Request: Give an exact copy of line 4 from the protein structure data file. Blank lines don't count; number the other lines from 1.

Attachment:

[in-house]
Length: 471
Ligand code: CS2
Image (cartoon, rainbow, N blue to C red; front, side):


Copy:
Image (cartoon, rainbow, N blue to C red; front, side):